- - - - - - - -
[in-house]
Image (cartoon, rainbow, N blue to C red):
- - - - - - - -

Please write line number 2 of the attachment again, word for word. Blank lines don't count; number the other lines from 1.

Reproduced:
Image (cartoon, rainbow, N blue to C red):